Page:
How Long Does It Take To Design One eLearning Course?
May 22, 2016
Planning a course is one of the most controversial topics in a history of eLearning. The project completely depends on Subject Matter Experts, stakeholders, and reviewers. Nothing is finalized if you bypass any of them. Most companies have project managers sitting on top of Instructional Designers to monetize their work or set an ideal deadline about eLearning course development time without knowing the consequences. That makes Instructional Designers unhappy and miserable. Somehow, there is a need to solve this mystery and come up with something that will make not only Instructional Designers happy but also their life much easier.
“How long does it take to design one eLearning course?” I bet that this question has been asked by your immediate boss lately, and you are like “I am working on it, will be done by, let’s say, next week”.
That happens with most Instructional Designers; and the only reason for it is that, when we are trying to estimate eLearning course development time, we don’t know what turn it will take once it’s reviewed by the Subject Matter Experts or the stakeholders. We need to bring all of them under one umbrella if we want our project to be completed within the timelines. It’s hard to come up with something that works as an alternative, but not impossible. There are some areas we need to look that help us become more efficient:
- Selecting the best authoring tool.
- Being persuasive.
- Review cycles.
Let us have an analytical look at each one of them:
Most of us start storyboarding without doing a proper analysis, and that causes a huge problem with our projects. It is important to be aware of the following questions before we start:
- Did you review the existing manuals and documents?
- Did you have the permissions to access the system?
- Did someone give you a training (instructor-led or F2F) on this course?
- Did you review job aids?
- Did you finalize the outline of your eLearning?
- If you have answers to all the above questions, then you proceed to another level which is storyboarding.
2. Selecting the best authoring tool.
Timing is the biggest concern here; that’s why it’s important to take the right decisions, especially when choosing the best authoring tools. Following are the things you need to consider before selecting a tool:
- The tool should be user-friendly.
- It shouldn’t take long to understand the technicalities of the software.
- The output should come in desirable formats (SCORM, weblinks, and Tin Can).
- Should have everything in one tool (storyboarding, importing from PowerPoint, interactions and adding questions).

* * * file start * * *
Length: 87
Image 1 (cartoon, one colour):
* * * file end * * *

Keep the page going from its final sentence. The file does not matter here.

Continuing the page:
There are two fantastic authoring tools available in the market:
Articulate Storyline 2.
3. Be persuasive.
You need to be influential and well verse in terms of communication, especially when you are scheduling a meeting with Subject Matter Experts. For more details, please see my article 5 Steps To Win Subject Matter Experts’ Hearts.
Prototypes consume so much time to design and take a while when collecting feedback from Subject Matter Experts and stakeholders in terms of design, content, or templates. It’s better to fix the prototype and sign off before you start developing. Make sure you are listing all the dates and times in the spreadsheet.
5. Review cycles.
I have interacted with so many Instructional Designers lately and asked how many review cycles they think are enough for one eLearning course. They believe that three review cycles are sufficient to complete the project within the timeline. However, it again depends on your company structure. I once ended up with five review cycles and finished my project within the deadline. Prefer side by side reviews; it will take hours, but you end up doing changes in front of Subject Matter Experts, will be easy to take their sign off at the same time. If they are busy, then I think it’s better to send your project via email, collect the feedback, do the changes, and then take the approvals.
Tracking is one of the most critical components of planning. It gives you an idea of the amount work you did and is remaining. One of my colleagues, Steve, has given an amazing idea to list down your tasks as milestones, so you have something to show your manager. For example:
Milestone 1: "Recorded the screens with Christopher on Thursday 2/12/2016".
Milestone 2: "Simulation reviewed by Mike on Wednesday 2/27/2016".
These dates will also be a part of the spreadsheet.
I have created a sample spreadsheet for you that will help you to identify the progress of your project and estimate your eLearning course development time. Have a look and share what you think about it.